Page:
04 July 2005

Grokster Coda: Becker & Posner

Over at the Becker-Posner blawg, Judge Posner and Professor Becker make some strictly economic arguments in favor of sending the Grokster matter back for trial. (Remember that Judge Posner wrote the opinion in Aimster, although he was bound by factual determinations made by the trial court in its grant of a preliminary injunction.) Judge Posner notes:

But again, the mere possibility that infringement may confer benefits on copyright owners can't suffice to defeat a suit for contributory infringement any more than it could defeat a suit for direct infringement, as it is always possible to conjure up such possibilities. If the Grokster case is tried, the trial will provide an opportunity to compare the revenue loss to the copyright owners against the possible gains that I have listed. Unfortunately, subjecting providers of file-sharing software to the threat of trial places them at substantial risk, which may drive many of them from the market.

His real conclusion is that "any diminished innovation due to contributory-infringement liability must be traded off against the enhanced innovation that can be expected if intellectual-property rights are strongly protected by the law." Similarly, Professor Becker notes:

I do believe the case deserves a trial, and primarily for this reason I signed (without any compensation) an Amici Curiae brief submitted by several economists to the Supreme Court against Grokster. The arguments about infringement are set out in that brief and in Posner's discussion. This software has few other uses so far other than to copy files from one computer to another, which often is a violation of copyright protection on the files copied. Although Grokster is not per se violating any copyright by producing this software, its software unquestionably facilitates these violations. It is also much more efficient to litigate against the contributory infringement of Grokster than to litigate against every college student and other individuals who are actually engaged in transferring files illegally.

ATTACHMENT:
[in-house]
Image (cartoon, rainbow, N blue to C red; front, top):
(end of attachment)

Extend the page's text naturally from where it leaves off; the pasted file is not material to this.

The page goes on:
On the other hand, Professor Becker also expresses skepticism that judges are the right people to determine the economic balance; he would rather strictly use markets.

Although I certainly think that economic analysis is a critical element of any realistic appraisal of intellectual property, I think Professor Becker goes a bit too far in his advocacy of markets as a check on contributory infringement. P2P technology is a classic instance of a market failure: the cost and value of an original is vastly greater than that of an indistinguishable copy, and the convenience of making that copy via a P2P network is far greater than going to the local music store, waiting in line, then paying sales tax on top of one's purchase. (Not to mention the cost of gas these days… whining that "it's more expensive in Europe" will be met with comparisons of public transportation, so there.) Ironically, it is only when the volume of such copies is small that the market has any real balancing effect—because the direct infringers who are enabled by the contributory infringers have explicitly opted out of the market established by the Intellectual Property Clause. In other words, it is a secondary market when the enabling provision explicitly provides for a restricted market ("exclusive Right").